On that day R. Eliezer brought forward every imaginable argument, but they did not accept them. Said he to them: “If the halachah agrees with me, let this carob-tree prove it!” Thereupon the carob-tree was torn a hundred cubits out of its place — others affirm, four hundred cubits. “No proof can be brought from a carob-tree,” they retorted. Again he said to them: “If the halachah agrees with me, let the stream of water prove it!” Whereupon the stream of water flowed backwards — “No proof can be brought from a stream of water,” they rejoined. Again he urged: “If the halachah agrees with me, let the walls of the schoolhouse prove it,” whereupon the walls inclined to fall. But R. Joshua rebuked them, saying: “When scholars are engaged in a halachic dispute, what have you to interfere?” Hence they did not fall, in honor of R. Joshua, nor did they resume the upright position, in honor of R. Eliezer; and they are still standing thus inclined. Again he said to them: “If the halachah agrees with me, let it be proved from Heaven!” Whereupon a Heavenly Voice cried out: “Why do you dispute with R. Eliezer, seeing that in all matters the halachah agrees with him!” But R. Joshua arose and exclaimed: “It is not in heaven.” (“Lo bashamayim he,” Sefer Devarim 30:12) What did he mean by this? — Said R. Jeremiah: That the Torah had already been given at Mount Sinai; we pay no attention to a Heavenly Voice, because You have long since written in the Torah at Mount Sinai (Sefer Shemot 23:2), “After the majority must one incline.” (Talmud Bavli, Baba Metziah 59b, translation, The Soncino Talmud with my emendations)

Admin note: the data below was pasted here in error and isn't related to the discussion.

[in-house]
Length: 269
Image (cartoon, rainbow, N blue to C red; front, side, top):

The above-cited Talmudic passage is amazing, to say the least. In one fell swoop, it repudiates any possibility of a post-Sinaitic Revelation. Moreover, it demonstrates that definitionally imperfect human reason, in conjunction with the accepted principles of Torah exegesis and majority rule, is the determinant in any halachic dispute – even when one of the disputants is “a Heavenly Voice” (“bat kol”)!